I find this statement completely bold. On the contrary, in this piece of research we provide in a fully transparent manner the whole pipeline of gathering and processing data, modelling and drawing conclusions (see the preprint and our GitHub). I haven’s seen any casual commentators claiming that “Tsikhanouskaya would almost certainly have lost an honest election but doubted if Lukashenka would have gotten anything much over 60% at most.” But I have seen the head of the official Institute of sociology of the national academy of science earlier in 2020 (before the pike of the COVID-19 crisis) announcing the ranking of Lukashenka in Minsk not exceeding 24% (see for example Unfortunately, Dr. Korshunau lost his soon job after that. There also were independent (and held without the license) exit pools, which agree with the ratings obtained by MRP in our work (see Finally, in September 2020, Chatham House performed its own CAWI survey the results of which are also showing a likely victory of Sviatlana in the first round of the election. Their results are also located within the credible intervals predicted by MRP on the street data with a reasonable credibility level.

      Of course, our analysis has some imperfections and relies on several assumptions… These aspects are honestly discussed in the last section of the preprint ( But we believe these are the best estimates of the pre-election ratings one could obtain given the circumstances and doubt there would have been any serious deviations from them had the election in Belarus been free and fair. Once again, you can see on your own ( that the signal we see in the data is very strong.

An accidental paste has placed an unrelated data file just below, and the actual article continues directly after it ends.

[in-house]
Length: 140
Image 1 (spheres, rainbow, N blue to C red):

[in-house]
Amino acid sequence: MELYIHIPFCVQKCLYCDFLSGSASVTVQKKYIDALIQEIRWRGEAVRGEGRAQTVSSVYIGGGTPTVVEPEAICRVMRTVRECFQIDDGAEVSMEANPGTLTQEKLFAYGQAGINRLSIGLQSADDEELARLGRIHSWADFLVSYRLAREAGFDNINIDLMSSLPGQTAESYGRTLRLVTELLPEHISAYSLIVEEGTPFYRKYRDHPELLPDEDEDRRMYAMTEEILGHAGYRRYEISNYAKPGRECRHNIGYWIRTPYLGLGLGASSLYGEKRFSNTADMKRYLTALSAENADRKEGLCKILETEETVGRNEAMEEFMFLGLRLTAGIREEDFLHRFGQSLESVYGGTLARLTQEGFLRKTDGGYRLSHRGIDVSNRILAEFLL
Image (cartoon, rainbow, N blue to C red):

Regards, Ales

  3. kanstantsin says:

    jrkrideau, would you mind giving any reference to these comments?I have followed up the whole buzz around the election in Belarus but haven’t seen any comments like these by any trustworthy experts. But it might happen that I missed something.

    I suspect you might be confusing the statement of 60% at most for Lukashenka with the totally misleading interpretations of the results of the report by the Voice platform, ZUBR and Honest People voice-belarus-report. However, this report claims quite a different thing.

    First of all, one must understand that the Voice were collecting photos of the ballots from the willing to share them voters across the polling stations from the whole country. Thus, for every single polling station they collected a subset of the confirmed by photos votes. This means that for every polling station they obtained lower bounds of the confirmed votes for all of the candidates. Subsequently they could see the obvious rigging of the results at the polling stations where these lower bound were exceeding the officially announced results. According to the report above, this happened at at least 30% of the polling stations based on not so tight lower bounds (around 500000 photos collected in total out of 6000000-8000000 potential voters)!?